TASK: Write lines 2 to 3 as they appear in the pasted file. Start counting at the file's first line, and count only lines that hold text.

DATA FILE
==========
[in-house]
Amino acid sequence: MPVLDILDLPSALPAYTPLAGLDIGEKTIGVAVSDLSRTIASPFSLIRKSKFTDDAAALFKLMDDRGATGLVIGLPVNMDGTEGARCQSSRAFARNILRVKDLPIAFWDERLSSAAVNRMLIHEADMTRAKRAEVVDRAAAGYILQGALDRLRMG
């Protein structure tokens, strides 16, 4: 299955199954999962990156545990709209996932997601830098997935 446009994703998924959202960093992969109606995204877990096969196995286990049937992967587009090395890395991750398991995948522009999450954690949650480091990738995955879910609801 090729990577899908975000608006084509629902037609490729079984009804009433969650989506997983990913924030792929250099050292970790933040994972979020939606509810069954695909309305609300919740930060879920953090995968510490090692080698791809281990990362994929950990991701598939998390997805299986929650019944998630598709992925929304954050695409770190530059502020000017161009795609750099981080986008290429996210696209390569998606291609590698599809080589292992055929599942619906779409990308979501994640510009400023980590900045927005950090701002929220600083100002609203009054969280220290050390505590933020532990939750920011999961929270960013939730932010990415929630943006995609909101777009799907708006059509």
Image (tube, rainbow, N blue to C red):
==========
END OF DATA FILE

Amino acid sequence: MPVLDILDLPSALPAYTPLAGLDIGEKTIGVAVSDLSRTIASPFSLIRKSKFTDDAAALFKLMDDRGATGLVIGLPVNMDGTEGARCQSSRAFARNILRVKDLPIAFWDERLSSAAVNRMLIHEADMTRAKRAEVVDRAAAGYILQGALDRLRMG
């Protein structure tokens, strides 16, 4: 299955199954999962990156545990709209996932997601830098997935 446009994703998924959202960093992969109606995204877990096969196995286990049937992967587009090395890395991750398991995948522009999450954690949650480091990738995955879910609801 090729990577899908975000608006084509629902037609490729079984009804009433969650989506997983990913924030792929250099050292970790933040994972979020939606509810069954695909309305609300919740930060879920953090995968510490090692080698791809281990990362994929950990991701598939998390997805299986929650019944998630598709992925929304954050695409770190530059502020000017161009795609750099981080986008290429996210696209390569998606291609590698599809080589292992055929599942619906779409990308979501994640510009400023980590900045927005950090701002929220600083100002609203009054969280220290050390505590933020532990939750920011999961929270960013939730932010990415929630943006995609909101777009799907708006059509």